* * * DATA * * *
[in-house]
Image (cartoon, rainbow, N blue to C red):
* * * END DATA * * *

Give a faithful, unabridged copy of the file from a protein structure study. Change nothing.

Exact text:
[in-house]
Image (cartoon, rainbow, N blue to C red):